New developments in the generation, distribution and consumption of electricity have made the energy sector a hotbed of innovation in what has become known as the Internet of Energy.”With the IoT more generally, the marketing hype has largely gone ahead of the reality,” says Raj Pai, global head products and marketing at energy analytics firm AutoGrid. “But where people are spending is in the energy use cases. These are the ones that are getting funded.”
A new app that can reportedly cut household energy use by 10% is being rolled out to 200,000 Swedish homes.The Energy Tree app analyses data from the smart power grid to discover households’ energy trends and encourages users to consume less energy through personalised feedback and guidance.“The Energy Tree combines behavioural science and gamification with data analytics to engage and motivate households,” said a statement from the app developers Greenely.
The home energy management (HEM) market—made up of systems of smart, networked devices that can dynamically adjust energy use within a home—has been evolving dramatically. A number of analysts are now forecasting rapid growth over the next several years that could turn HEM into a multibillion-dollar industry by 2020. Although such growth may have huge implications for energy efficiency and demand response, the plethora of wireless communication standards (including Wi-Fi, ZigBee, Z-Wave, Thread, and Bluetooth LE) and the seemingly innumerable HEM platforms available have presented a substantial barrier to overall HEM adoption to date by limiting interconnectivity between devices. However, three companies—Apple, Nest, and Icontrol—now seem poised to emerge from the melee of HEM vendors and service providers to help bring order to this fragmented and largely leaderless industry.
The largest smart grid project in the country is winding down, its participants just beginning to sift through five years of lessons learned, but one thing has become very clear: It’s all about the data.The Pacific Northwest Smart Grid Demonstration kicked off in 2010 with an impressive array of stats: five states involved, 60,000 metered customers, 11 utilities and a $178 million budget. The plan called for a broad range of projects to be equally funded by participants and the U.S. Department of Energy, individually testing out ideas and concepts while working jointly to see if a regional smart grid could reduce energy use and improve reliability.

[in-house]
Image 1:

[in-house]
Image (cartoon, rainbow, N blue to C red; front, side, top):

One of the primary benefits of Internet of Things (IoT) devices is their ability to collect data that will ultimately help increase efficiency and mitigate problems before they occur.
Now, power companies have begun to take advantage of smart meters, in particular, in order to directly connect with their customers and find out information about their power use. From there, the power company can allocate energy efficiently through a connected smart grid and encourage customers to monitor and reduce their own usage.
San Diego Gas & Electric (SDG&E) has introduced a loaner program that enables customers to borrow in-home display devices from the utility at no cost. The goal is to improve consumers’ understanding of their home’s energy use and to identify high energy use appliances with near-real time information and estimated energy costs. Consumers can borrow the in-home displays for 30 days.
Caroline Winn, SDG&E’s vice president of customer services and chief customer privacy officer, explains, “The option for customers to borrow an in-home display at no cost is an important step for us to ensure we are making it easy for our customers to have access to innovative technology that will ultimately help them reduce their energy bills.
Energy is one of the more promising applications for the Internet of Things (IoT) data. By now, you’re no doubt familiar with how utilities have used sensors and smart grids to reduce overall energy costs. A recent Intelligent Utility article shows energy use is just a tactical starting point for how data from smart grids can be leveraged.
When it comes to their energy use, consumers aren’t all the same. The Smart Grid Consumer Collaborative (SGCC) has released a report, Motivations and Emotions of Engaged Consumers, that identifies different types of consumers based on their level of interest in managing their energy use and other characteristics.
If you live in Philadelphia, you may have noticed a new device on your home called a “smart meter.” Unlike the old meters, they paint a more detailed picture of how and when we’re using energy.
Utilities are encouraging customers to use that information to make themselves smarter about their energy use. But do they make a difference?
There are lots of components to the Smart Grid, in which intelligent power technologies combine to provide electricity where we want it, but without the waste associated with the current utility system. But how do they fit together?
Making a more efficient grid that cuts overall energy use involves several things – and tech comes into it at all stages, from better managed batteries, through distributed generation, to smart composting schemes and sensor-based Internet of Things implementations which tune energy use to match the fluctuating power provided by the renewable sources.
The interesting thing is that all the different approaches can add up. Earlier this summer a “CleanTech Club” gathering in London heard how power generation can be distributed to where the power is used, how batteries can smooth the peaks of demand and supply, and how local composting could actually provide a third of the power we use in the home.